Retention goes hand in hand with messaging. The basic tactic for this is to keep your community informed, interested and involved. Consistent education helps individuals understand what the game is currently about, and also garners interest for where it is going with future updates. Getting the fans more involved helps create a sense of ownership and citizenship that, in turn, lengthens retention and builds a more interwoven community network.
Acquisition is a community team responsibility that’s often overlooked. No one is in a better position to empower the fan base to grow. These are the people who are passionate about the game, and who want others to experience that sensation, too. So we can foster and facilitate players becoming evangelists.
This is one of the many areas marketing and community have in common. Both are responsible for communicating about the game, and key in acquisition and retention. However, they differ in that the former’s main goal will almost always be acquisition by speaking to an external audience, whereas we typically speak to an internal one, the players. But to be effective, these disciplines should operate as two sides of the same coin, constantly supporting and working with each other.
It will be interesting to see where we go. While the field has evolved since its inception, it is still in its infancy. Companies are increasingly learning how beneficial it can be to their products to have strong, healthy communities. For example, the one I work for, BioWare, has a very established commitment that is evident in the communities that have sprung up around Baldur’s Gate, Neverwinter Nights, Dragon Age: Origins, and Star Wars: The Old Republic. Our fan base is incredibly dedicated, and we rely on the members’ support and input to help ensure our games meet their expectations of quality.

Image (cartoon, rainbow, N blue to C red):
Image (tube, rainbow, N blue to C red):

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The above is an article I wrote for IGN in March 2009 when we were still developing Star Wars: The Old Republic and can still be found on their site: Community Focus: The Old Republic.
When you’re pulling things out of the box, you generally bring out memories and this one ran bitter and sweet. I enjoyed writing the article and was ecstatic that IGN approached me to write it (the sweet part) but when reading this today, it reminded me of an argument I had with another community manager who I high respected (and still do today). I do not remember the specifics but I do remember I was a little headstrong in my responses to him and, looking back, I wish I had not been.
What I will say is that I do recall that a lot of what I learned in the industry that helped me refine my skills in Community Management wasn’t just because of trial by fire — it was due to many of the great Community Managers I talked to and learned from such as Jonathan Hanna, Chris Mancil, Sanya Weathers, Danielle Vanderlip, Troy Hewitt, and others. Sorry about that Jon, and I hope you know that even that conversation helped me in many ways.